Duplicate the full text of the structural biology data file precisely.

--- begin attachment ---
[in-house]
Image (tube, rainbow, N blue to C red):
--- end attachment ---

[in-house]
Image (tube, rainbow, N blue to C red):